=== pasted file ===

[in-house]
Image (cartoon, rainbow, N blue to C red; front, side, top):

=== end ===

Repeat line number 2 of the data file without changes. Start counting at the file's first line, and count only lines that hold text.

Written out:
Image (cartoon, rainbow, N blue to C red; front, side, top):